Ten Tips to be a Game Designer

March 21, 2009

Yesterday I came across this article on Game Career Guide website about the ten things you should be doing or practicing to become a Game Designer and I couldn’t resist the temptation to see what I’ve already done and what is remaining in my path to become one. So let’s start with it.

1. Write a game design document: No, I haven’t done this yet and is probably the first one I should do on the list, although I’m still writing the story for the Graphic Adventure Game I have in mind, maybe I could merge those two.

2. Build a 3D level: No, haven’t done it, and I’m guessing it will be a really time consuming task, for now I’m going to push it back a little more.

3. Write a game script: The article means coding in this case and I can say I did this, so is one Yes on the list. Check.

4. Make a game, or a mod: Done it, another yes, whohoo!

5. Learn to mock things up in flash: Hmmm, this is a difficult one, I used to do thing in flash a while ago, but I’m using other things now like GameMaker, but I think it will count as a yes. Check.

6. Be an enabler: Well, I guess other people should be more qualified to say this about me, but all in all I think I belong to this kind of people.

7. Dissect games and their mechanics, even bad ones: Oh yes, I do this a lot, maybe I don’t put it in writing, which I should be doing in some degree, but this is another Yes.

8. Build an online portfolio: In the process, in the process. Check.

9. Work on your communication skills: Well, this blog is just that so I can say I’m doing it, also with other several activities I’m doing like going to College and posting on other English and Spanish blogs as well.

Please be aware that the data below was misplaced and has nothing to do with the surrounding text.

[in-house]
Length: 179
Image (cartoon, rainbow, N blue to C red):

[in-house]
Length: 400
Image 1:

10. Learn something new every day: Hell Yeah! And I encourage anyone to do the same no matter what are you doing or your dreams are.

Result: 2 No’s and 8 Yes’

Hey, not that bad eh!? Well I guess I should be focusing my efforts on writing a GDD and doing some 3D stuff to have it all, not to worry really, but fun stuff to do anyway.

Game on! Art in a game

March 14, 2009

Video Games are Art? I say YES, and a lot of other people is with me, but as the definition of art is still to be decided too much people still thinks that video games are just that childish thing that make kids go out killing others or adoring the devil.

Well is good to know that around the globe more and more there’s people putting this type of events together so we can see and hear stories about artists making games.

This time the event is going to be in Buenos Aires and the name of it is Game on! Art in a game. For those that have the opportunity to assist I’m sure it will be a good experience, not only because you’re going to discover a part of video games that you didn’t think exists, but because you’re going to find the best of the best of the Video Game Scene of Argentina, one that is growing immensely the last years and is getting worldwide noticing for its achievements.